If you purchase a vehicle from a dealership lot, it is likely you will have a lien holder on the vehicle, so the vehicle is not really yours. Just like with a mortgage, it belongs to the bank. To put it in perspective:

“A lien becomes the legal right of the creditor to sell the collateral property of a debtor who fails to meet the obligations of the loan or other contract. The property that is the subject of the lien cannot be sold by the owner without the consent of the lien holder.” 

In addition, any insurance settlements would go immediately to the lien holder before you see a dime. For example, if your vehicle is written off, and your insurance company gives you a cheque for $3000. However, the remaining loan on your vehicle is $4000. You don’t receive any of the money because the bank takes it and pays it to the lien holder immediately. In addition, you still owe the lien holder the remaining balance.

I cannot stress how often this scenario happens. 

For example. My vehicle is worth approximately $8000, while my remaining loan is approximately $14,000. In the event your vehicle is deemed a total loss, your insurance company gives you the Actual Cash Value of your vehicle. Not what remains on your lien. 

3. Used vehicles can save you so much money in the long run.
Used vehicles depreciate slower than new vehicles and the insurance tends to be cheaper because lower actual cash values means a lower risk. (Don’t forget to shop around for insurance however). Of course there is always the risk of purchasing a lemon, but make sure to buy used from a reputable dealer. Buying a vehicle online, can pose a lot of risk when the seller doesn’t have a reputation to uphold.

4. Most people buy bigger vehicles than they need.

Unfortunately many Canadians do tend to purchase vehicles that are bigger than what they need. It’s easy to fall into the, “what if?” trap.

What if I go camping? What if we have more children? What if I need to lug a 300lb bear in my trunk?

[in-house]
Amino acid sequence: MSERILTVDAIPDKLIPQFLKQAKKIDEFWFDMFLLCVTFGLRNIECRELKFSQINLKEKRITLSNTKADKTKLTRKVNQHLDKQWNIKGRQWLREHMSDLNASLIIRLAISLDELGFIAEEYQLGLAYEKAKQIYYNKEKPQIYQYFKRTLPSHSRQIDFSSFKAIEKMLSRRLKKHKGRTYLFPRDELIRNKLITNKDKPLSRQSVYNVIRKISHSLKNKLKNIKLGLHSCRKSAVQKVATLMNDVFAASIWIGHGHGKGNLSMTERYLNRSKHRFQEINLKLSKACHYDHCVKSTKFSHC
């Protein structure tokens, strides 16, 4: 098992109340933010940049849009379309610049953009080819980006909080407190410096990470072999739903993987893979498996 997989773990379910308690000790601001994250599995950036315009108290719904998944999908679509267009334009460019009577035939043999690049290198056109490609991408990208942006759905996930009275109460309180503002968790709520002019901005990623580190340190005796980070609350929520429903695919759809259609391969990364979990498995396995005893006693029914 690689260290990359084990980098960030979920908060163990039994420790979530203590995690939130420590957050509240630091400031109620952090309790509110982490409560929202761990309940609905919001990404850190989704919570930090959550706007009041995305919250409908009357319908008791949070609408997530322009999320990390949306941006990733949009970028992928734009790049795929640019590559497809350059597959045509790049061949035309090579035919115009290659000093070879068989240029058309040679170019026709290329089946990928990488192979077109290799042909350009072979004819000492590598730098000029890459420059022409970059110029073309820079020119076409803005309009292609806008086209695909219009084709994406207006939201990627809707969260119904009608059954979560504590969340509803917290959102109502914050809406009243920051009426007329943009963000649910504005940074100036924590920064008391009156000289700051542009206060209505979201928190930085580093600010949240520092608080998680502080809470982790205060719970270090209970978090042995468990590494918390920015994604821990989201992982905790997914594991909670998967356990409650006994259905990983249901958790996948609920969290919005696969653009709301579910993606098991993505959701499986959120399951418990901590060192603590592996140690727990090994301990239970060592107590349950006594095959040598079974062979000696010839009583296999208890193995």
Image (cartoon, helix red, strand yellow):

However, if you are able to purchase your vehicle outright, (in my opinion), you are more likely to purchase a vehicle that suits your needs.

Thanks for sticking around until the end! Before you think that I’m crazy. Imagine for a second how nice it would feel to not have a monthly car payment (and the interest associated with it). Imagine how nice it would be to not have to carry collision coverage because you don’t have a lien holder on your vehicle. Imagine not paying an arm and a leg for gas!

I know I would enjoy having an extra $400/month. How about you?

DIY Haircuts + A TV Obsession

 

When I started my frugal journey, I started by writing down all of my monthly expenses (rent, insurance, cell phone, etc.) and looked as to where I could cut trim the fat. Fast forward to now, and I’m looking our variable expenses (groceries, clothing, diapers, etc.). Coincidently, both my oldest son and my husband desperately need a haircut at the same time and I thought… Hey, I could give it a shot.

xander 1xander 2

This is the before and after picture of my son. We went to the store, picked up a $25 kit and gave it a go. Not pictured is the BIG patch that’s missing from the back of my son’s head from when he moved. But if I took anything from this experience, it’s that you can’t get better at a skill if you don’t try… And hair grows 😉 Plus, if I can cut both my son’s hair, that’s an estimated savings of $400 a year!